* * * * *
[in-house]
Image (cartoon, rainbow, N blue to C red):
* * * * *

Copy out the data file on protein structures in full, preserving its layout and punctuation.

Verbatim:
[in-house]
Image (cartoon, rainbow, N blue to C red):